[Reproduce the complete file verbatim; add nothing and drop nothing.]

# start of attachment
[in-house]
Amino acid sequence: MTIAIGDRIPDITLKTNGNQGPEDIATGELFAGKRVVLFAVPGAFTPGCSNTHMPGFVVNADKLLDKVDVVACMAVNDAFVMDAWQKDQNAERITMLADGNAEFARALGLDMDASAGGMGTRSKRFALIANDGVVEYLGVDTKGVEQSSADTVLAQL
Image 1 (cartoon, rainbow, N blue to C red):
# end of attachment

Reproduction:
[in-house]
Amino acid sequence: MTIAIGDRIPDITLKTNGNQGPEDIATGELFAGKRVVLFAVPGAFTPGCSNTHMPGFVVNADKLLDKVDVVACMAVNDAFVMDAWQKDQNAERITMLADGNAEFARALGLDMDASAGGMGTRSKRFALIANDGVVEYLGVDTKGVEQSSADTVLAQL
Image 1 (cartoon, rainbow, N blue to C red):